If you could find a Graflex Crown View in good condition it is much more portable than the Graphic View. It's the older brother to the Graphic View. All wood and no monorail so it folds up into a nice compact size. I've had mine since 1979 and have taken it on many extended treks through the woods. I don't know how many are still around but it would be a cheap alternative to more modern field cameras.
Just say NO NO NO to the graphic view. you will be much better off with just about anything else.
I'm in Saskatchewan and I'll be selling a Pacemaker Speed Graphic and a Calumet CC404 soon, once my Shen Hao arrives. If either of those tickles your fancy, let me know and I can get you more details.
(My wife told me she was okay with me buying a new 4x5 if I sold the other two, and I thought that was a pretty fair deal.)
I have an Optar I can include with the Graphic (125-130 mm-ish, I'd have to look it up) and spare lens boards. The Calumet will be the naked camera, plus at least one lens board (not sure if I have a second or not).
I have a Graphic View II and IMHO it is a superb camera! It is quite portable in it's suitcase---but it isn't a tiny suitcase. It has more movements than you would probably ever need, plus they aren't ridiculously expensive. I think Graphic Views and Calument 400 series are excellent cameras to test out the LF waters.
Yes, you could get a nice Tachihara or Shen, which are excellent clamshell woodys which you could easily stash in a day pack (and if you want to do the Ansel Adams thing, that indeed might be a worthy consideration) but be prepared to spend over $500 more.
That $500 could easily buy you a lens, a bunch of film holders, a tripod, an Omega D-2 enlarger and a large stock of sheet film.
You could be off making photographs with your Graphic View.
Or you could be still surfing the on line auctions looking for all the parts you'll need to get you're wooden camera up and running.
I'd go with the Graphic View.
I feel like I just have to throw in a plug for the good old Pacemaker speed graphic... You can easily take it backpacking, and they are built like tanks. Plus you have the option of shooting hand-held.
And you're right. A Speed or a Crown Graphic makes a very nice field camera if you don't need very short or very long lenses. It's lightweight and rugged. The Speed's advantage lies in it's focal plane shutter allowing the use of shutter-less barrel lenses. Using lenses shorter than 90 mm is problematic because of the extra depth of the body to accomodate the shutter mechanism. The Crown's advantages come in the form of a smaller and lighter package, and the ability to use short focus, wide angle lenses. Barrel lenses are not a practical option. Models with user adjustable, side mounted rangefinders are nice to have because you can calibrate the rangefinder for almost any lens you mount onto the camera. But if you need anything more than the bare minimum of movements, you're pretty much out of luck. You can get rise and some back tilt from the front standard and not much else.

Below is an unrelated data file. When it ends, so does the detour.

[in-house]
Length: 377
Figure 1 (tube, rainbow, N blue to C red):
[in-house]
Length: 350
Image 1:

Originally Posted by EASmithV
Well, thanks folks for the input. (I've been out of the country for the last couple of weeks... well, out of the hemisphere, to be more precise, but I've been following the respones here.) Nonetheless, I am now the proud owner of a cc400. (Thanks, Jeff :) )
The learning curve not too daunting at this stage, but then again, I haven't actually loaded it with film. (I've got some coming in next week) Still, I've been composing and focusing and learning the movements. I think this camera will be at the least a very stable learning tool. I think my only lens is a little on the short side, at 105mm, (a Staebel Magnogon process lens) but I'm certain it will be joined by other more suitable lenses in the fullness of time.
Thanks again, I will probably revive this thread if I can't plunder necessary information from elsewhere in the forums. Any hints and suggestions are always appreciated.